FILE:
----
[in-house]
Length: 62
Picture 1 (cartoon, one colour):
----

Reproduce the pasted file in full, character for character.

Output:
[in-house]
Length: 62
Picture 1 (cartoon, one colour):